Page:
Calculate Distance Band from Neighbor Count (Spatial Statistics)
Returns the minimum, the maximum, and the average distance to the specified Nth nearest neighbor (N is an input parameter) for a set of features. Results are accessible from the Results window.
Given a set of features, this tool returns three numbers: the minimum, the maximum, and the average distance to a specified number of neighbors (N). Example: if you specify 8 for the Neighbors parameter, this tool creates a list of distances between every feature and its 8th nearest neighbor; from this list of distances it then calculates the minimum, maximum, and average distance.
- The maximum value is the distance you would have to travel away from each feature to ensure every feature has at least N neighbors.
- The minimum value is the distance you would travel away from each feature to ensure that at least one feature has N neighbors.
- The average value is the average distance you would travel away from each feature to find its N nearest neighbors.
The output from this tool is written as messages to the Results window. Right-click on the Messages entry and select View to see results in a Message dialog box.
Some tools, such as Hot Spot Analysis (Getis-Ord Gi*) and Spatial_Autocorrelation (Global Moran's I), allow you to specify a neighborhood Distance Band or Threshold Distance value. By using the Maximum Distance output value from this tool for the Distance Band or Threshold Distance parameter, you ensure every feature in the input feature class has at least N neighbors.
This tool provides one strategy for determining a Distance Band or Threshold Distance value to use with tools in the Spatial Statistics Toolbox such as Hot Spot Analysis (Getis-Ord Gi*) or Cluster and Outlier Analysis (Local Moran's I). See Selecting a Fixed Distance for additional strategies.
The distances returned by this tool are in the units of the geoprocessing environment Output_Coordinate_System.
Calculations based on either Euclidean or Manhattan distance require projected data to accurately measure distances.
For line and polygon features, feature centroids are used in distance computations. For multipoints, polylines, or polygons with multiple parts, the centroid is computed using the weighted mean center of all feature parts. The weighting for point features is 1, for line features is length, and for polygon features is area.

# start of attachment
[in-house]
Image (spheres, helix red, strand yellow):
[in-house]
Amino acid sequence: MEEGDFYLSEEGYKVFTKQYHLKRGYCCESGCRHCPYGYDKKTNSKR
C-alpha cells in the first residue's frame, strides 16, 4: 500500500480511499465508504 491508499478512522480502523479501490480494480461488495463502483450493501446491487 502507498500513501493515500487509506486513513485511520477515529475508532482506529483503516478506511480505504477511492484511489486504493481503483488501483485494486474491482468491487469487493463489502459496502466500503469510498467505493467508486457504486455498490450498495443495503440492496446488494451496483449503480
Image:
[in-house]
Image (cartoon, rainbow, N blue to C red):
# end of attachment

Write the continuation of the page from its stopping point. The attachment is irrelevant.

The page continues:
The feature class or layer used to calculate distance statistics.
The number of neighbors (N) to consider for each feature. This number should be any integer between one and the total number of features in the feature class. A list of distances between each feature and its Nth neighbor is compiled, and the maximum, minimum, and average distances are output to the Results window.
Specifies how distances are calculated from each feature to neighboring features.
The following Python Window script demonstrates how to use the CalculateDistanceBandfromNeighborCount tool.
import arcpy arcpy.env.workspace = "c:/data" mindist, avgdist, maxdist = arcpy.CalculateDistanceBand_stats("Blocks", 10, "EUCLIDEAN_DISTANCE")
The following stand-alone Python script demonstrates how to use the CalculateDistanceBandfromNeighborCount tool.
# import module import arcpy # Set geoprocessing environment Workspace arcpy.env.workspace = "c:/data" # Set variables infc = "Blocks" field = "POP2000" outfc = "PopHotSpots" neighbors = 10 # Run the CalculateDistanceBand tool to get a distance for use with the Hot Spot tool from the tool result object mindist, avgdist, maxdist = arcpy.CalculateDistanceBand_stats(infc, neighbors, "EUCLIDEAN_DISTANCE") # Run the Hot Spot Analysis tool, using the maxdist output from the Calculate Distance Band tool as an input arcpy.HotSpots_analysis(infc, field, outfc, "Fixed Distance Band", "EUCLIDEAN_DISTANCE", "None", maxdist)
- Output Coordinate System
Feature geometry is projected to the Output Coordinate System prior to analysis. All mathematical computations are based on the Output Coordinate System spatial reference.